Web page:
For years, I have lamented my bad memory.

I have wanted specifically to memorize Scripture but it was such a struggle. I tried and tried but just couldn’t get the Word into my mind as easily as I once did. I assumed that the problem was rooted in the fact that I was getting older and my brain simply didn’t work as well as it used to.

… and then I played one of the lead roles in our church’s Christmas musical this past weekend.

To say that I had to memorize a TON of lines was an understatement. In the Production Manual we received at our first practice a few months ago, it says that Mr. Wiseman (my character) “has 58 spoken lines, one monologue, two solos, a handful of sung lines, and one duet with Megan.”

Dress Rehearsal Dec 15 - 1 of 163 (1)
Performing my Monologue in our Dress Rehearsal

To give you an idea of how many lines I had to memorize, the following two pages are a few of my lines and the monologue (my lines are in yellow). There are about 50 others lines and the songs not pictured here.

When I initially looked at all of the lines and was then told that the words were not going to be put on prompters, I panicked.

“I can’t memorize all of that!”

Or so I thought.

As the stage has now been disassembled and the props put away, I am celebrating the fact that the Lord enabled me to memorize every single line.

So, I want to write down a few of the lessons I learned about memorization. They are lessons that I wholeheartedly believe in because they worked! And I suspect they will work for you, too.

Break it down into small sections

Don’t memorize the whole thing at once. You will be overwhelmed and will give up almost as quickly as you started.

Instead, determine to memorize short sections. Maybe decide to memorize a verse a day or a verse every two days. And then just focus on that one verse. Don’t worry about the rest that you want to memorize. You’ll get to the other verses later.

Develop a plan with a specific deadline in mind

For instance, if you want to memorize Ephesians 1, you will need to reflectively consider how long it might take you to realistically memorize the chapter. There are 23 verses in chapter 1 so that would take 46 days if you memorized 1 verse every 2 days.

So, get a calendar and mark the day on which you want to have the chapter memorized (46 days from today). To hold you accountable, tell your spouse or your other family members that you want to recite Ephesians 1 on that specific day.

Now that you have accountability, work the plan. Begin working on 1 verse every day or two.

Say it over and over

There’s nothing like rote memorization. Just saying something over and over and over. It creates pathways in our brain that helps us remember things.

So, look at the page and read it word for word. Then go back to the beginning and try to look up, away from the page, for a few words at a time. Keep going back to re-read the passage until you are not looking at the page.

Get as many senses involved as possible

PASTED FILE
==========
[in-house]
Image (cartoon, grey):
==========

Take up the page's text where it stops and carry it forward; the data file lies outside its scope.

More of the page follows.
As you say the lines over and over, work to get as many of your senses involved as possible.

Say the verse(s) out loud so that you hear yourself speaking. I did this quite a bit! Whenever I would take ministry trips to Nashville or Paducah, that meant I would spend at least an hour in the car both ways. So I would take my book and recite my lines out loud, looking at the page as little as possible. I also tried to recite it with passion – the higher my heart rate and the more engaged my emotions were, the more readily my mind seemed to embrace the task of memorizing.

Write out the verse … over and over.

If you have access to an app or a website that can read the verse(s) to you, do it.

Whatever you can do to engage as many senses as possible, do it.

Develop cues that connect the content

If you just say the words over and over, it may be a struggle to memorize because its just a bunch of words.

The monologue above would have been impossible to memorize if I hadn’t developed connecting cues. I won’t elaborate on the connectors I made in my mind but I was able, with my mind’s eye, to see how each sentence led to the next. After a few weeks, all I needed was to get started and I knew that my mind would be able to say every line, every word.

So don’t just see a verse as a bunch of words. Ask yourself what is being said. Let the words come to life in your mind and see how one thought leads to the next.

Use your imagination to role-play with the content

As I memorized my lines, I imagined in my mind’s eye that I was Mr. Wiseman. I imagined that the character that I would be portraying was saying them through me. The words on the page became more than just words – they became the venue through which my character was able to express himself. This gave meaning to every word I had to memorize which made the task of memorization so much easier.

Memorizing scripture can be just like this! If you are trying to memorize one of the apostle Paul’s letters, imagine that you are him. Imagine pacing back and forth across the floor as you dictate your letter to the one writing it. See the logical flow of what he is saying. Listen to his heartbeat as he cares for the people he is writing to. All of this and more will enable you to memorize the Scripture so much more easily.

Conclusion

Will memorizing Scripture be easy? Probably not. In fact, it may be incredibly difficult to get started.

But from my experience, from someone who honestly felt my memory was going bad, I can testify that you can do just about anything you set your mind to. The question becomes whether or not you value God’s Word enough to memorize it.

Because I’m convinced that if you love God’s Word enough, you’re going to hide it in your heart.